I don't know why, but things not being their intended size, whether they're comically big or diminutively tiny, is always hilarious to me. Extremely large wine glasses? Very funny. Basketball personality Shaq? A human knee-slapper!
That's why I was so tickled when I stumbled upon Korean artist Mimine's Facebook page. Mimine makes miniature versions of food that are actually edible. The step-by-step videos of her process have a strangely hypnotizing quality to them. It's like those soothing ASMR videos you accidentally click on when you're aimlessly browsing the 'Tube and only three hours later do you realize, "Oh god, I'm in the weird part of YouTube again."
Watch this video of her carving a tiny roast turkey, and then ask yourself if you've ever put this much time and effort into anything in your life. Mimine is straight up inspiring.
Once you enter Minime's Facebook page, you may never be able to leave. She's smartly sped up the videos for Facebook. They're reminiscent of Tasty videos, in that both are mesmerizing to watch and that the chances of me replicating these recipes at home are none.
She makes everything from Krispy Kreme donuts...
..to tiny kimchi, complete with an adorable little burial of jarred veggies (a combination of words I never thought I'd say) to let them ferment.
Here are some things I asked myself while watching her videos:
1. Where is she getting these tiny foods?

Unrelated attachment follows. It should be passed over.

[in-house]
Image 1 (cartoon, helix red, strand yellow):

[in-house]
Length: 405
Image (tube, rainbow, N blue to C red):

2. Why is my mouth watering at the sight of a pork cutlet that's approximately 8mm long?
3. Is this woman a wizard?
Minime's talents go beyond just making edible tiny food. She uses polymer clay to craft the tools she needs to make these mini works of art. Take for example this working battery-powered blender, which she uses to make a tiny tangerine smoothie.
At several points throughout her videos I gasped softly to myself and clutched my heart (and ovaries), the cuteness and innovation too much for me to bear. "That's not how big you're supposed to be!" I say to a Smurf-sized brick pizza oven she made herself, slapping my forehead.
Do yourself a favor and do what I did: make her site a permanent tab fixture on your browser, and revisit whenever you need to fill your normal-sized heart with wonder and whimsy.
P.S. Our friends at Eater have been covering the tiny food series quite extensively, if you're looking for a more culinary-minded take.